It looks like Disney (DIS) CEO Bob Iger is still hunting for one more whale of a deal before he heads off into retirement.
The owner of ESPN and Disneyland has restarted discussions with 21st Century Fox (FOXA) to buy up some of the media empire's assets, according to a report Saturday from The Wall Street Journal. CNBC reported Tuesday that a deal could come as soon as next week and be worth as much as $60 billion. Talks are reportedly focused on the Twentieth Century Fox movie and TV studio businesses, overseas assets such as Fox's 39% interest in Sky PLC and several U.S. cable networks. Fox News and the Fox broadcast network aren't expected to be unloaded, according to the WSJ report.
Disney didn't return a request for comment. A spokesman for Fox declined to comment.
Why This Deal With Disney Will Probably Get Done
Ultimately, Disney's renewed interest in Fox should come as no surprise. Well, that is if one attended this week's The Deal Economy conference and listened to TheStreet's founder Jim Cramer light up the mic with his Top 12 Takeover Targets for 2018.
"Twenty First Century Fox Inc.'s properties outside of sports and news will be bought by Walt Disney Co.," Cramer said, assigning a price tag of at least $25 billion. It would come as Disney faces decreasing value for one of its top assets in ESPN. Buying Fox's media assets would give Disney the greater scale needed to compete in the Netflix (NFLX) fueled era of cord-cutting.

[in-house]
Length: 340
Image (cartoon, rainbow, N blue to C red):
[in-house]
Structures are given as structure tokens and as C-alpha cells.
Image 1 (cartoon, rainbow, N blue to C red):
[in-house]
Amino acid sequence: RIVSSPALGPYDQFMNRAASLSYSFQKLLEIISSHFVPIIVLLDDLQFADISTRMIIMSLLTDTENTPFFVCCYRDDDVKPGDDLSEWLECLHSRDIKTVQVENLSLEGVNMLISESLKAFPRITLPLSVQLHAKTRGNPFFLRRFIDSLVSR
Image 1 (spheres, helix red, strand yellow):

But don't count on the ink to dry on this mega deal until after federal courts rule on the AT&T Inc. (T) and Time Warner Inc. (TWX) deal. "I am telling you right now the Justice Department is going to lose that case," Cramer said. "I think Fox [deal] does get done," he added. "Motivated buyers, motivated sellers."
Where Does the Motivation for This Deal Come From?
Even if Disney doesn't get its prize before year end, 2018 is a real possibility. In fact, next year might be another hot one for M&A.
"There are too many companies vying for the same stream of revenue in the same sector," Cramer explained.
Some deals (such as Disney exploring Fox), Cramer said, are being done to defend against the advancing business models of FANG names, or Facebook Inc. (FB) , Amazon.com Inc. (AMZN) , Netflix Inc. and Alphabet Inc. (GOOGL) . As these heavyweights continue to flex their muscles, one-time incumbents have no choice but to merge.
Other deals will find their genesis in a drive to lessen dependence on other parties or to grab more and more shelf space at the supermarket. For others, deals may be driven by necessity to drive shareholder value, while still more will be the work of "aggressive insurgents," Cramer said.
Walmart (WMT) , for example, will probably stay aggressive on the deal front next year in a bid to defend against Amazon.
"We are trying to mostly build the assortment, a customer is looking to us for not just value but they want to have a wide selection," Walmart CEO Doug McMillon told TheStreet (watch below) when asked about what he is looking for on the deal front. "We are focused on busy families, so moms are important -- we want to make every day easier for busy families."
Regardless of motivation, the big deal remains alive and well moving into 2018.